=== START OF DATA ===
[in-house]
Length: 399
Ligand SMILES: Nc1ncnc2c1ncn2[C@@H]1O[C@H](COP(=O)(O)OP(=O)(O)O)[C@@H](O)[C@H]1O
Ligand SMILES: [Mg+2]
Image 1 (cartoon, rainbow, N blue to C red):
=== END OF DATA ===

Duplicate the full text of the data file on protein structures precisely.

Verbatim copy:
[in-house]
Length: 399
Ligand SMILES: Nc1ncnc2c1ncn2[C@@H]1O[C@H](COP(=O)(O)OP(=O)(O)O)[C@@H](O)[C@H]1O
Ligand SMILES: [Mg+2]
Image 1 (cartoon, rainbow, N blue to C red):